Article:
3. The Pringle Book is OK, though just a little weighted towards the (no doubt comforting) view that the SS Ahnenerbe (which is what it’s mostly about) was all about inventing archaeological evidence to sustain the wilder fantasies about prehistory imagined by various fringe writers whom Himmler had picked up on (Himmler, incidentally, was the one who took these fantasies about Aryan/Germanic origins seriously; Hitler was a great deal less persuaded and apt to mock Himmler’s obsessions). The reality seems to be a bit more complex and uncomfortable- most Ahnenerbe archaeologists were “properly” trained and certificated and most Ahnenerbe digs were done according to the professional conventions of the day. On occasions this professionalism saw them at odds with party activist amateurs over particular sites (the so-called Irminsul site in central Germany being a good example). The issues came after the sites had been dug ,over how the finds were interpreted (and sometimes over dating questions). All of which helps to explain why many German archaeologists with Ahnenerbe jobs on their CV still managed to get jobs in post-1945 german academia (where of course it was very much in their interest to stress the role of the lunatic fringe).


  4. One of the best introductions to the subject. No-one can cover all aspects, but from my perspective there are omissions about the examination of the Spear I was privileged to perform in 2003 in Vienna and the subsequent documentaries by National Geographic in 2003 and 2010 – all mentioned in my website. robert-feather.com

    I have also published a factional thriller ‘A Clash of Steel’ (available on Kindle) which includes a lot of details about the metallurgical tests I was able to perform at a nearby arts institute, incidentally the place that Hitler was rejected by when he applied to study painting there.


  5. I read that book years ago, it gave me a good chuckle.
    Jesus never existed. So no spear. Simple answer.
    The world loves to read about “the wicked Nazi’s” because thats what the propaganda masters have decreed will make them money.


    1. You may be correct about the Spear, as portrayed in the NT but there are just too many external references to Jesus for him to be a figment of someone’s imagination. Read my book the Secret initiation of Jesus at Qumran, where the evidence is laid out. You might also find my ‘A Clash of Steet’ of interest, especially as what I predicted is actually starting to happen.
      Robert Feather


  6. Excellent examination of all this, but I find myself wondering what exactly Ravenscroft claims his “Spear of Destiny” DOES. Is the nature of its powers just not relevant to its veracity, or is the book really that incredibly vague?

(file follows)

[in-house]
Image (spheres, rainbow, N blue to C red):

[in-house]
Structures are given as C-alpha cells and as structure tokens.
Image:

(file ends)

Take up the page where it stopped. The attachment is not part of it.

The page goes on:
1. That’s one of the frustrating things about the book that put me off trying to deal with it: it’s like trying to handle jelly. It works by giving the reader impressions rather than data. Yes, Ravenscroft claims the spear had “power”, and it’s a “power” that gives its owner immense “power”, too. But that “power” is never defined. In that sense, it reminds me of New Agers’ “subtle energies” that are so elusive that no measuring instrument can detect them.


      1. No-one can answer for Trevor Ravenscroft, but a character in my book, ‘A Clash of Steel’ by the name of ‘Ivor Cravenstorf’, has a fair stab at defining some of the reasons the Spear took on some ‘supernatural’ powers. Part of the mystique is the reality of its possessors apparently being aided in their military conquests, and partly by the strange coincidences of their failures and deaths when they lost ownership. Hitler saw more into the powers that it conveyed, partly because of his obsession with Wagner’s vision of the Spear in his opera ‘Parsifal’, and Patton suffered a similar fate very shortly after the Spear was taken from him.
        Robert Feather


        1. Funny how many artifacts find their way into the hands of conquering military powers, and then get lost at about the time the resident power starts to decline.


  7. I did a bing image search for “The Spear of Destiny”, after seeing a commercial on MILITARY channel 5 am NY. I must say this is the best debate I have ever read online. I am also happy to find so much information. I plan on reading all of these books.


  8. I first read “The Spear…” about 30 years ago and was fascinated, but even a cursory review of the source material showed serious, even fatal, flaws in Ravencroft’s research. These flaws have been expertly exposed by Mr. Fitzpatrick-Matthews in this excellent essay. I set it aside, but a doubt lingered.
    After a recent viewing of Mr. Feather’s documentary I was inspired to revisit the book and was again struck by its glaring inaccuracies but decided to read in comparison Heiden’s “Der Fuehrer” a work frequently cited in “The Spear..” . Heiden is no supranaturalist and is a primary source for many serious historians including Allan Bullock and yet his account is replete w/references to the demoic and he even calls forth the Antichrist when discussing Hitler. Further, he builds his history of Hitler’s rise around the infamous “Protocols of the Wise Men of Zion” which figures prominently in “The Spear” as well. Nervertheless, there is nothing in Heiden to support Ravenscroft’s claims.
    So once again I set this fantasy aside and yet, a doubt lingers. Afterall, the swastika is an occult symbol.


  9. Call me overly skeptical but I question the historical truth behind the spear before 1424. Its not as if holy relics were something new either then or in the time of Otto the Great (who, as I recall, did not conquer the world either) nor was the business of manufacturing them & their histories.